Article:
A design of an implantable electronic device always takes into consideration the coating, as it is the only barrier that protects the gadget from fluids and from the natural immune responses of the body. Designing a protective coating for miniature electronics is an extremely difficult endevour. Nature reports on the marriage of nanotechnology and medical electronics:
The silicon chip retinal implant is being developed by Second Sight, a company based in Sylmar, California, along with a consortium of university researchers. The device needs a hermetic case to prevent it from reacting with fluids in the eye.
“It’s as if you’re throwing a television into the ocean and expecting it to work,” says the company’s president, Robert Greenberg. “The approach until now has been to lock it in a big waterproof can, but it’s very big and bulky,” he explains.
So researchers have developed an ultrananocrystalline diamond (UNCD) film that is guaranteed to be safe, long-lasting, electrically insulating and extremely tough. The coating can also be applied at low temperatures that do not melt the chip’s microscopic circuits.
The UNCD film is the first coating to meet all the necessary criteria for the implant, says Xingcheng Xiao, a materials scientist at Argonne National Laboratory, Illinois, who developed the film.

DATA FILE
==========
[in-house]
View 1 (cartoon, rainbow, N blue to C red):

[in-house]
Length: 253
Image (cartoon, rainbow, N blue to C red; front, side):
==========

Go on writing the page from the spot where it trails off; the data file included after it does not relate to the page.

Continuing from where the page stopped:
The tiny diamond grains that make up the film are about 5 millionths of a millimetre across. They grow from a mixture of methane, argon and hydrogen passing over the surface of the five-millimetre-square chip at about 400 C. Xiao and his colleagues have already tested the implants in rabbits’ eyes, and saw no adverse reaction after six months.
To read more about retinal implant by Second Sight, open the extended entry.
From the company’s website:
Second Sight is currently developing an implantable device that acquires power and data from external hardware and electrically stimulates the retina through an array of implanted electrodes. Simple arrays, used in short-term experiments, have produced formed vision in patients with Retinitis Pigmentosa. Further, research conducted by Second Sight has shown that more advanced array designs are possible, and that these arrays should significantly improve the quality of the images seen by patients.